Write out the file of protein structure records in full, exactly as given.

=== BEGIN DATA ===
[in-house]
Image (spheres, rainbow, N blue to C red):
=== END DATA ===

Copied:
[in-house]
Image (spheres, rainbow, N blue to C red):